Thousands of Iranian workers, including workers in the lucrative oil and gas sector, have taken strike action to demand higher or unpaid wages.
Iran’s impoverished workers, who were already struggling to make ends meet as the country’s most vulnerable class, were met with increased pressure during the coronavirus outbreak. Many workers have become unemployed or are forced to work in dangerous conditions while receiving very low wages or no wages at all.
Iran’s Oil and gas workers
Thousands of Iranian workers took strike action in Iran’s petrochemical and economic regions as well as refineries in Iran’s oil-rich southern regions on Saturday.
Oil and gas workers in Abadan, Ahvaz, Qeshm, Mahshahr, Lamerd, Dasht-e Azadegan and Kangan in southwestern Iran started their strike action on Saturday. Refinery workers in Isfahan, central Iran, joined the strike a day after while workers of a power station in Asaluyeh, southern Iran joined the strike today.
They say that their wages are too low to compensate for their extreme working conditions under the 50°C/122°F heat in southern Iran.
The Iranian workers have said that they will continue their strike until their demands are met.
Iran’s petrochemical industry has suffered serious blows and financial losses from US sanctions.
Haft Tappeh sugarcane workers in southwestern Iran
Today was the 51st day of strike action by workers of the Haft Tappeh Sugarcane Factory in the southwestern city of Shush.
After 51 days of protest, the workers of the Haft Tappeh Sugarcane Company have still not received three months of their unpaid wages. On Saturday, August 1, three members of Iran’s parliament went to meet with the workers.
Citing his five-hour meeting with the sugarcane workers, lawmaker Nezameddin Moussavi said that he had “seen the depth of the catastrophe that has taken place over the years in the name of privatization”.
After his meeting with the Haft Tappeh workers, lawmaker Ahmad Naderi, described the workers’ conditions as “distressing” in a tweet.
“The current condition of Haft Tappeh is the result of neo-liberal policies and uncontrolled privatization based on (cronyism). We must think seriously about the perpetrators.”
Another member of parliament, Ali Khazrian, said that things would only return to normal with the prevention of “privatization based on cronyism”.
“Haft Tappeh is a symbol of the failed policy of corrupt privatization that has started since the 90’s and is being strongly pursued in Rouhani’s administration,” he added after meeting with the workers.
In recent years, Haft Tappeh sugarcane workers have held several rounds of protests and strike action to demand their unpaid wages.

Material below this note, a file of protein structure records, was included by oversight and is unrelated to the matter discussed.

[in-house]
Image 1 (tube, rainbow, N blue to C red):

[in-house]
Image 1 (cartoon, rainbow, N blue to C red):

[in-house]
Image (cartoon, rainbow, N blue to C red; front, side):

They are now demanding the immediate payment of three-month of their overdue wages, the renewal of their insurance, the return of fired employees, and the immediate arrest of the company’s CEO, Omid Assad Beigi.
Assad Beigi is currently on trial for his involvement in a $1.5 billion FOREX corruption case.
Heavy machinery factory workers in central Iran demand unpaid wages
Workers of the Heavy Equipment Production Company (HEPCO) also joined nationwide strikes on Saturday and still on strike after four days. On August 2, ILNA reported that the workers were demanding the activation of the company’s production lines and two months of their unpaid wages.
They also said that they had not received a portion of their wages and bonuses in 2016 and 2017.
They want the company’s “incompetent managers” who they say cannot solve the workers’ problems to be ousted.
HEPCO, once the largest heavy equipment manufacturer in the Middle East, currently employs no more than 760 workers, all in danger of losing their jobs as their employer is near bankruptcy.
According to the protesters, several workers have contracted COVID-19 because workers are not given protective gear and must provide their own gear.
Western Iran construction workers unemployed for 5 months
Construction workers in the western province of Kurdistan told the state-run ILNA News Agency that they have been unemployed for the past five months since the start of the COVID-19 epidemic in the country.
“Although we paid our premiums, we have not received unemployment insurance in these critical conditions,” they told ILNA on August 2.
Before this, the head of the Kurdistan Construction Workers Guild said that more than half of construction workers in Kurdistan were unemployed. He said that both construction workers and border porters, or Kolbars in Farsi, had become unemployed during the COVID-19 outbreak.
This is while many Iranians Kurds normally turn to the dangerous kolbar occupation when they become unemployed. Kolbars carry heavy loads on their back across Iran’s western borders and are soft targets for the regime’s border guards.